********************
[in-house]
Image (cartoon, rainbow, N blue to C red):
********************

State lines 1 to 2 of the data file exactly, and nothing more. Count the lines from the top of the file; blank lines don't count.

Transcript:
[in-house]
Image (cartoon, rainbow, N blue to C red):